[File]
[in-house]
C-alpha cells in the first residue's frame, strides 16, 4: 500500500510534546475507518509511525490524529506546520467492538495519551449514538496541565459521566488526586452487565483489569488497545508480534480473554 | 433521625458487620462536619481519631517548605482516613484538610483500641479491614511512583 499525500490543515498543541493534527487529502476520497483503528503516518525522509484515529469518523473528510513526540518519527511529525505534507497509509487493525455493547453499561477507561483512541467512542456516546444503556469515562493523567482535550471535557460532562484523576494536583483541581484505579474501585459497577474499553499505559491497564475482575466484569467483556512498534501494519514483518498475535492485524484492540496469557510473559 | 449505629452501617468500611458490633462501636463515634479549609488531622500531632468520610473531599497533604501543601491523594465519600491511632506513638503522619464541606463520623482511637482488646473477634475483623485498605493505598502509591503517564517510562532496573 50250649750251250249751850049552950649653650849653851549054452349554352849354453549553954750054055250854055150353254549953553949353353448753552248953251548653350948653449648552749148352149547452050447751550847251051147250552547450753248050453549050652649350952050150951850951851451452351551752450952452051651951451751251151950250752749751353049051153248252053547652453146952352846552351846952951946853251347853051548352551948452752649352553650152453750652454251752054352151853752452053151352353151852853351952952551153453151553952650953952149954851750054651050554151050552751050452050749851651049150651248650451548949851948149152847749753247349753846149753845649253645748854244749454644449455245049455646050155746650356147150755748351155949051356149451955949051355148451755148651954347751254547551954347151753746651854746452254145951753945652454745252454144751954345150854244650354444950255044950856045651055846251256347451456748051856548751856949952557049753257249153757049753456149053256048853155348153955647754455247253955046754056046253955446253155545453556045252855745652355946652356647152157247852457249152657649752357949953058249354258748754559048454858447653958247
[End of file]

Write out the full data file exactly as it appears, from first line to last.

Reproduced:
[in-house]
C-alpha cells in the first residue's frame, strides 16, 4: 500500500510534546475507518509511525490524529506546520467492538495519551449514538496541565459521566488526586452487565483489569488497545508480534480473554 | 433521625458487620462536619481519631517548605482516613484538610483500641479491614511512583 499525500490543515498543541493534527487529502476520497483503528503516518525522509484515529469518523473528510513526540518519527511529525505534507497509509487493525455493547453499561477507561483512541467512542456516546444503556469515562493523567482535550471535557460532562484523576494536583483541581484505579474501585459497577474499553499505559491497564475482575466484569467483556512498534501494519514483518498475535492485524484492540496469557510473559 | 449505629452501617468500611458490633462501636463515634479549609488531622500531632468520610473531599497533604501543601491523594465519600491511632506513638503522619464541606463520623482511637482488646473477634475483623485498605493505598502509591503517564517510562532496573 50250649750251250249751850049552950649653650849653851549054452349554352849354453549553954750054055250854055150353254549953553949353353448753552248953251548653350948653449648552749148352149547452050447751550847251051147250552547450753248050453549050652649350952050150951850951851451452351551752450952452051651951451751251151950250752749751353049051153248252053547652453146952352846552351846952951946853251347853051548352551948452752649352553650152453750652454251752054352151853752452053151352353151852853351952952551153453151553952650953952149954851750054651050554151050552751050452050749851651049150651248650451548949851948149152847749753247349753846149753845649253645748854244749454644449455245049455646050155746650356147150755748351155949051356149451955949051355148451755148651954347751254547551954347151753746651854746452254145951753945652454745252454144751954345150854244650354444950255044950856045651055846251256347451456748051856548751856949952557049753257249153757049753456149053256048853155348153955647754455247253955046754056046253955446253155545453556045252855745652355946652356647152157247852457249152657649752357949953058249354258748754559048454858447653958247